Bahama Breeze to Pay $1.26 Million to Settle Suit for Racial Harassment of Black Workers

CLEVELAND – The U.S. Equal Employment Opportunity Commission (EEOC) today announced a class litigation settlement with national restaurant chain Bahama Breeze for $1,260,000 and significant remedial relief in a case alleging repeated racial harassment of 37 black workers at the company’s Beachwood, Ohio location.

In its lawsuit, the EEOC charged that Bahama Breeze managers committed numerous and persistent acts of racial harassment against black employees, including frequently addressing black staff with slurs such as “n….r,” “Aunt Jemima,” “homeboy,” “stupid n….r,” and “you people.” Additionally, managers allegedly imitated what they perceived to be the speech and mannerisms of black employees, and denied them breaks while allowing breaks to white employees. Despite the employees’ complaints to management, the alleged race-based harassment continued.

“No worker should ever have to endure a racially hostile work environment in order to earn a paycheck,” said EEOC Acting Chairman Stuart J. Ishimaru. “It is particularly disturbing when managers engage in and condone the very unlawful conduct they are required to prevent and correct. This sizeable settlement should remind employers of the possible consequences of a failure to promote and maintain a discrimination-free workplace.”

The EEOC filed suit in U.S. District Court for the Northern District of Ohio after first attempting to reach a voluntary settlement out of court (EEOC v. GMRI, Inc. d/b/a Bahama Breeze, 1:08cv2214). In addition to the $1,260,000 in monetary relief obtained for the claimants, the three-year consent decree resolving the litigation contains significant injunctive relief requiring Bahama Breeze to:

* Maintain and update its written policies and procedures in all restaurants nationwide, prohibiting employment discrimination, including race discrimination, racial harassment and retaliation;
* Provide anti-discrimination and diversity training to all of its Beachwood restaurant employees, including managers;
* Comply with EEOC monitoring of the decree and periodically provide written reports regarding any discrimination complaints; and
* Display and maintain the EEOC poster in all restaurants currently within the same operational region as the Beachwood restaurant in a place visually accessible to employees.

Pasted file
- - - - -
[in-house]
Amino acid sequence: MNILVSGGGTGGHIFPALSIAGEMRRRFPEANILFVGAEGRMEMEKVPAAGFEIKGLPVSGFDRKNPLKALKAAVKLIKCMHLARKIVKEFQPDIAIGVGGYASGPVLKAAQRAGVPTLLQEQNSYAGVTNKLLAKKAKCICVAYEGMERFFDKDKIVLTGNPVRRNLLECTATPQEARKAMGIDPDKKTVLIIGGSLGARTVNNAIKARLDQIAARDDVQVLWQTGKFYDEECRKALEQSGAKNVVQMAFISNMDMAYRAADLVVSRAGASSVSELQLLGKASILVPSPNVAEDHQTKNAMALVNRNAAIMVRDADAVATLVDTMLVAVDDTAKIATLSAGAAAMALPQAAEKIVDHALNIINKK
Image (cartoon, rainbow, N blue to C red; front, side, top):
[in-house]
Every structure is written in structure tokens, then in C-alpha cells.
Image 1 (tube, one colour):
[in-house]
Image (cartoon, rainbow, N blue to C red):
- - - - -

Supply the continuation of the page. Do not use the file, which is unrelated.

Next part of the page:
EEOC Acting Regional Attorney Debra M. Lawrence of the Philadelphia District Office, which oversees parts of Ohio, said, “The black employees in this case, some of them long-term, suffered through egregious race-based mistreatment in order to maintain their jobs. The abusive managers are now gone and we are hopeful that victims can be treated as valued members of the restaurant work force.”

The EEOC enforces federal laws prohibiting employment discrimination. Further information about the EEOC is available on its web site at www.eeoc.gov.

Comments

  1. Hello NY Paralegals,
    I recently learned about the EEOC's ruling in the Bahama Breeze case. While its a victory for the Black employees that were mistreated, I find it alarming that this level of extreme systemic discrimination still occurs in many corporations and institutions around the U.S. and the world.

    I've been a subject matter expert and trainer of diversity awareness for over 10 years. I don't prescribe to the type of diversity training where at the end participants hold hands and sing Kumbaya. We live in the real world folks. I certainly hope whomever conducts the diversity training for the Bahama Breeze restaurants they consider the following:

    --Allow the participants to discuss the reasons why they excluded/discriminated against the targeted group.

    --Make sure everyone takes a look at what they contributed to this conflict. Its been my experience that some of the discrimination inflicted on a certain group is because they were actually exhibiting some of the negative stereotype behavior that makes others view them as less human - thus undeserving of respectful treatment.

    --Allow them to discuss cultural characteristics specific to their own group. Including, taboos, values, beliefs, hot buttons, etc.

    --Engage them in Bahama Breeze specific case studies so they can work as a group to resolve some conflicts they see everyday.

    --let them have some fun. Play some cultural games, and exercises and slow the pace so that everyone has some time for private momemnts of reflection on their own personal issues with regard to difference.

    In short, allow the participants to walk away informed of their own biases, stereotypes and prejudices, they role they play in cross cultural conflict, etc. In construction terms, the diversity practitioners here has to be the developer and the builder to lay the foundation because this group has to build a whole new structure.

    ReplyDelete
  2. Thank you for such much for your comment.

    ReplyDelete

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